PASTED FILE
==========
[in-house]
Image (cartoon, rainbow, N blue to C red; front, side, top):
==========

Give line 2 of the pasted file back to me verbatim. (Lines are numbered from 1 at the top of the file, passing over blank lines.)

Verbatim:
Image (cartoon, rainbow, N blue to C red; front, side, top):